Saturday, March 19, 2011


Stalls? Yes, stalls. An article in the current issue of Aviation Week and Space Technology describes how loss of control has replaces controlled flight into terrain as the number one cause of accidents, with details on several accidents in which stalls were a factor: the Colgan Air Q400 at Buffalo, NY, in 2009, a West Caribbean Airlines MD-82 in Venezuala, and a Turkish Airlines Boeing 737-800 in Amsterdam.

How could a professional pilot stall an airplane into the ground? There are many contributing factors, but I think one of the must be the way that our current training materials make the meaning of "stall" obscure. To quote the Airplane Flying Handbook [FAA-H-8083-3a], "A stall occurs when the smooth airflow over the airplane’s wing is disrupted, and the lift degenerates rapidly."

A young instructor recited a similar definition to me the other day, and I compared it to hay after the horse has eaten it. The reason is that while this definition describes the aerodynamics effectively, it doesn't tell you how to recover from a stall. How does a pilot smooth the airflow? By polishing it clean? How can you reattach the boundary layer? Is that what duct tape is for?

In the old days (and I'm not that old) we used to teach that a stall meant too high an angle of attack. That definition tells you how to recover! "Stalled," I say, pulling an invisible yoke into my gut. "Unstalled," I say, pushing an invisible stick to the invisible panel. "Stalled." "Unstalled." "Stalled." "Unstalled." Until the point is made.

The FAA also says "the application of more power, if available, is an integral part of the stall recovery." That's wrong; ask any of my glider students! You add power to climb away, not to recover.

So I have taken pen to paper again (metaphorically) and written another cranky letter to the editor of Aviation Week. (AOPA Pilot didn't publish this one, by the way, although I got a nice note from Bruce Landsberg about it). Here's what I wrote, working to fit their 200 word limit:

The increase in loss-of-control accidents is partly explained by the confusing way we teach stalls. Today’s instructors talk about stalling as a boundary layer effect, which does not offer any insight into recovery. We used to teach that a stall was excess angle of attack, which also describes the recovery procedure: Reduce the angle of attack. A pilot who understands stalls this way is unlikely to descend to the ground with the
yoke fully aft.

Pilots are also taught that power is part of stall recovery, although my glider students do not have that option. The purpose of power is to climb away. The net altitude loss from starting recovery before adding power is minimal, and the risk of loss of control is reduced. This recovery sequence is most important in an airplane like the Bombardier Q400, which risks both spin entry (due to the large left-turning tendency from two propellers) and Vmc loss of control (in the event of an engine failure). (Granted, if engines have long spool-up times it is prudent to start that process as soon as possible.)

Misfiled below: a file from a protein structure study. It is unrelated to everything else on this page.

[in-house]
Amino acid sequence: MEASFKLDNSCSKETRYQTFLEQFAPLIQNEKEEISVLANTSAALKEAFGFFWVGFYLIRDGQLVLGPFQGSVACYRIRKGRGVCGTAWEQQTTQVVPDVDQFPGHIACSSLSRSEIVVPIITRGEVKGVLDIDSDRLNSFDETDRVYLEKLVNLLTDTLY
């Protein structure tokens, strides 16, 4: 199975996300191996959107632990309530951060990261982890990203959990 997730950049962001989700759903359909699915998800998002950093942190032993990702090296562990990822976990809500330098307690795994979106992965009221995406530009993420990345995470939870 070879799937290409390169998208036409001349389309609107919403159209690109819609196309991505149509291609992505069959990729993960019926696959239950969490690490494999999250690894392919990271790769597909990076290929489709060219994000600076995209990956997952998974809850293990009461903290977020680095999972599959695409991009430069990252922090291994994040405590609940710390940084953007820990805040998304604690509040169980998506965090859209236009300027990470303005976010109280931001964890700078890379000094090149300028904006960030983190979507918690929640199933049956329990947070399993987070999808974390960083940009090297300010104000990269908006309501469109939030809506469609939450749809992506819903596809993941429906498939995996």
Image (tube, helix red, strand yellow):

Advanced training as offered by the major simulator centers offers few opportunities to correct this basic misconception, leading to the tragic results you described.

Labels: ,

Thursday, March 17, 2011

Flying with Finesse

One of my students suggested a book I'd never read, Henk Tennekes The Simple Science of Flight (MIT Press, 1996). My heart sank a little when he lent me his copy. "This is a book I'd like to write," I sighed.

Tennekes has the audacity to apply the basics of Aeronautical Engineering to all flying creatures, "from insects to jumbo jets." The discussion is clear and gentle. He puts all of the material together -- and I mean all of the material. For example, study The Great Gliding Diagram, which shows the polar curves for 10 flying objects: the cabbage white, the Gossamer Albatross, a typical sailplane, a swift (the bird, not the Globe-Temco beauty), a real albatross, a budgerigar, an ultralight, the Fokker Friendship, a pheasant, and the Boeing 747. You can compare the performance requirements directly, and there are many interesting consequences about wing loading, wing shape, power requirements, and the like.

Apparently the French call "L/D," the ratio of lift to drag, the finesse. I will now use this term forever. By the way, we owe the concept of the polar graph that shows vertical speed versus horizontal speed to another French engineer, Gustave Eiffel, of "Tour d'Eiffel" fame.

My current aeronautical thinking is that everything depends on two parameters: energy, which I wrote about in this post, and L/D, which I wrote about here. Those posts are just the beginning, of course, hence my idea to write a book explaining every maneuver and performance calculation in terms of these two.

But it would be a nerdy book, full of equations and tables. Tennekes does not shy away from equations (Stephen Hawking claims that every equation reduces the sales of a book by a factor of two), but his gentle prose and simple ink drawings really evoke the beauty of these simple ideas. Perhaps with Tennekes's inspiration I can write something with a little more finesse, too.

Labels: , , , ,